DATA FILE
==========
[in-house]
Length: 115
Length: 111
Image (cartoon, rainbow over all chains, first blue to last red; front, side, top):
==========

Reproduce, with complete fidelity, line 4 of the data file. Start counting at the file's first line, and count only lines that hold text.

Image (cartoon, rainbow over all chains, first blue to last red; front, side, top):